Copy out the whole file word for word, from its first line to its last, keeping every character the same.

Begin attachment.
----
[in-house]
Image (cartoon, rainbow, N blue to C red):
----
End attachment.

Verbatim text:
[in-house]
Image (cartoon, rainbow, N blue to C red):